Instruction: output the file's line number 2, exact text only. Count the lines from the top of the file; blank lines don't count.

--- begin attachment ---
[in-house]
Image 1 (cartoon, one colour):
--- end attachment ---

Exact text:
Image 1 (cartoon, one colour):